2008 Nebula Nominees: Short StoriesApril 14, 2009 at 1:30 am | Posted in Short Stories | Leave a comment
I’ve been doing more writing than reading lately, but I thought I would post links and capsule reviews for the Nebula nominees available online. Most of these links will be dead soon, since the Nebulas will be awarded in about two weeks, so act fast if you want to read them.
As usual, I wasn’t too thrilled with the short stories. My thoughts have no spoilers this year.
The Button Bin by Mike Allen (Helix) — Horror story in second person. I’m not overly fond of either of those, and this was no exception.
Don’t Stop by James Patrick Kelley (Asimov’s) — Effectively written mood piece but the central idea isn’t all that interesting, nor is the “plot” and theme.
26 Monkeys, Also the Abyss by Kij Johnson (Asimov’s) — A pleasantly strange story told in a friendly, elegant style. Reminded me a little bit of Kelly Link. Still basically a mood piece on the “encounter with the fantastic” template, but it’s very well written and has a nice ending.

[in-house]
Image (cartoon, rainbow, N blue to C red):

The Tomb Wife by Gwyneth Jones (F&SF) — Interesting little story about a haunted tomb being transported by a spaceship to a museum. The twist didn’t work for me, but that’s probably partially my fault for not quite following the physics and philosophy of the story.
Mars: A Traveler’s Guide by Ruth Nestvold (F&SF) — Cool gimmick makes the story worth reading even though after the first few paragraphs the rest of it is very obvious.
The other two nominees, Jeffrey Ford’s “The Dreaming Wind” and Nina Hoffman’s “Trophy Wives” are not available online, at least in text form. There are podcast versions, but while I listen to enormous amounts of non-fiction in my car I can’t stand listening to fiction.
Out of the ones I read, Tomb Wife was my favorite, but really it only barely edges out my old standby “No Award”.